1. Many of the individuals and groups I meet asked to be placed on the CJPA mailing list to receive information we send out.


      1. In the future it would be good to arrange for some exchange visits for some of these activists.  As mentioned above, they feel quite isolated and alone.  If they can visit some other groups in Asia , it will give them energy and also help them in designing their movements for justpeace. 


      1. We discussed the possibility of bringing together a small group of people (about 10) who live and work in areas of conflict to share experiences and seek cooperative ways of working regionally for justpeace.  They were especially interested in learning more about Burma Issues and their approach.  One possibility is to organize such a meeting in March or April next year in India .  I will be helping coordinate an Interfaith School for Peace in Bangalore during that time.  The 10 participants to this gathering could join the school for peace for one day to share their experiences and then meet separately for three or four days to discuss justpeace work in war areas.  I suggest that the CJPA think seriously about this as a project for next year.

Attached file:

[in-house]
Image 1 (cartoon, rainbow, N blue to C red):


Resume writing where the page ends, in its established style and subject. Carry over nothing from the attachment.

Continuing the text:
1. As mentioned above, there was much interest expressed in learning more about the Burma Issues approach.  One possibility would be to arrange for two or three of the Nepalese friends to visit Thailand and meet with Burma Issues for a week or so.  We need to explore this possibility.


      1. There are many stories about how the village people deal creatively with the conflicting sides.  A process for collecting these stories needs to be developed so that can be added to our webpage and also perhaps included in the book we are working on.